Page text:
New Worker Banner

The Weekly paper of the New Communist Party of Britain

NHS workers gear up

by New Worker correspondent

UP AND DOWN the country health service workers are preparing to strike over pay.

Members of the Royal College of Midwives in England and Wales are balloting for industrial action whilst their colleagues north of the border have already voted in favour of walk-outs.

Others may soon join the fray.

The 63,000-strong Chartered Society of Physiotherapists (CSP) are balloting for industrial action in England and Wales, with those in Northern Ireland and Scotland having already done so. Physiotherapists are being urged by the union leadership to vote Yes to action. Mrs Alex Mackenzie, CSP chair of council, warned: “If the government do not come back with decent offers in line with inflation and that benefits all, then more physiotherapy staff will be forced to leave. We currently have a workforce crisis on our hands. If more physios leave due to such a low pay rise this will ultimately impact on patient care.”

The CSP’s Northern Ireland members earlier voted in favour of industrial action if they do not receive at least the same pay award as those in England and Wales, but the turnout was too low to trigger action.

first time

Scottish NHS physiotherapy staff voted last month for industrial action, the first time in history they had done so. On a 63 per cent turnout, 79 per cent were in favour of strike action and 90 per cent in favour of other industrial action short of a strike. Strike action could therefore take place anytime in the next six months.

Shortly before the close of the ballot the SNP Government made a slightly improved offer that was aimed at splitting unions. This made slight improvements for lower-paid staff but was still far below inflation.

The response of the leadership was not terribly energetic, they want further consultation with members and with other NHS unions. Alex MacKenzie said: “It’s incredible that instead of responding to those pressures with a constructive offer, the Scottish government came out last week with a new offer that not only still falls far short of our claim but also leaves some staff significantly worse off than under the original offer.”

also on the march

Three mega-unions, Unison, Unite and the GMB, are also on the march. Unite has about 100,000 members in the NHS, including ambulance service workers, audiologists, blood testers, counsellors and psychotherapists, and optometrists, along with others such as building maintenance workers, electricians, administration and ICT geeks.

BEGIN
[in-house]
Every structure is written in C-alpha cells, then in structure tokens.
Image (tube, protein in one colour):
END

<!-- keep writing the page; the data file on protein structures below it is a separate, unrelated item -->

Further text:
Pay is top of the list. NHS salaries have slumped in real terms as a result of high inflation and over a decade of low pay rises. But it’s not just that. Front-line NHS workers face increasing levels of abuse from patients frustrated at the chronic deterioration in the service.

Colenzo Jarrett-Thorpe, Unite’s National Officer for Health, warned that: “The strike wave across the NHS is widening because our members have had enough. They are watching the NHS that they have given their lives to fall apart in front of their eyes because of 12 years of Tory cuts. And the truth is that they cannot afford to do the job anymore, yet this government wants to cut their pay further.

“The government is destroying our most precious asset. If our members walk out on strike, it will be the toughest thing they ever do but they have to protect our NHS.”

In Scotland, the SNP government is offering a new flat-rate offer for NHS Scotland staff that is even less than a previously rejected five per cent offer for many workers. This had been rejected by 89 per cent.

James O’Connell, a Unite industrial officer, said: “The principle of a flat rate increase is right and fair to address imbalances in pay across grading structures. However, ultimately this new offer would still not see experienced NHS workers with any real improvements in their pay.

“Unite will begin balloting members this week, but NHS Scotland should be under no illusion that we will walk away from anything less than a decent pay rise across the board for all workers in the NHS.”

take heart